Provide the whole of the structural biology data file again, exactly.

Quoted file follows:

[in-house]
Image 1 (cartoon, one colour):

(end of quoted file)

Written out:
[in-house]
Image 1 (cartoon, one colour):